There are two types of emails I get about Ford Motor.
The first comes from those who think we don't give Chief Executive Alan Mulally and his team enough credit for the turn-around they are executing at the auto maker. I chuckle reading these because I've covered the Ford rebound extensively and, in my opinion, in a pretty straightforward fashion. These emails remind me of the college football fans who love their team so much that they've lost perspective.
The second type of email is from those of you who think the Ford story is overhyped. These emails baffle me and lead me to respond with an email along the lines of, "What did I report that was wrong or exagerated?" These exchanges usually end with the person writing, "I'm just tired of hearing about Ford."
Well, for those of you in the second group, get ready for more.
2010 is setting up as a big year for the Dearborn automaker. The company is ending '09 on a roll it should carry over to next year. The latest sign: Ford of Europe boasted sales of 19 percent last month and will finish the year as the second best selling brand. Its 9.1 percent market share in Europe is its best since 1999.
Add that success to what Ford has done in the U.S., where its market share is up 1 percent to 15.9 percent and its car sales (down 13.2 percent) are holding up second best (Hyundai is up 8.3 percent) among the major brands.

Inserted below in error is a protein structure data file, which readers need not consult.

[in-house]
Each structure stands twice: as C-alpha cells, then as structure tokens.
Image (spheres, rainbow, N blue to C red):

Next year Taurus sales will kick in, the Fiesta will start rolling into showrooms, and if the economy and housing market finally start improving, F-series sales will pick up.
With Ford rebounding in the U.S. and Europe while building capacity and momentum in China and India, the company is entering the phase of Mulally's "One Ford" plan where it will leverage its global plans to churn out greater gains.
For as much we want to focus on how a particular automaker is doing here at home, the fact is winning in the auto business is all about winning on a global scale. Being strong around the world, once a hallmark of Ford and then left neglected from the mid-90's til recently, is again an asset at Ford.
Yes, in 2010 much will rightfully be made of the company finally getting back in the black for good. When that happens, remember that it is Ford's global vision that is allowing it to rev up profits.
Oh, boy, I can already see the emails coming.
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